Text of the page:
Monday, 15 June 2015
Meridian Foyer/Summit (The Commons Hotel)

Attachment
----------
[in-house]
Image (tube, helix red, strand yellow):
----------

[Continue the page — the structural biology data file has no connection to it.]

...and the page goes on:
The phase speed spectrum of ocean meso-scale eddies is fundamental to our understanding of turbulent baroclinic flows. Since eddy phase propagation has been shown to modulate eddy fluxes, an understanding of eddy phase speeds is also of practical importance for the development of improved eddy parameterizations for coarse resolution ocean models. However, it is not totally clear whether and how linear Rossby wave theory can be used to explain the phase speed spectra in various weakly turbulent flow regimes. Using linear stability analysis of the two-layer quasigeostrophic model, we identify the theoretical constraints that control the eddy phase speed. We verify these constraints in nonlinear two-layer QG simulations, spanning a range of parameters with potential relevance to the ocean. We find that the strength of the inverse cascade exerts an important control on the eddy phase speed. If the inverse cascade is weak, the phase speed spectrum is reasonably well approximated by the phase speed of the linearly most unstable modes. A significant inverse cascade instead leads to barotropization, which in turn leads to mean phase speeds closer to those of barotropic-mode Rossby waves. Our results are qualitatively consistent with the observed eddy phase speed spectra in the Antarctic Circumpolar Current and may also shed light on the interpretation of phase speed spectra observed in other regimes.
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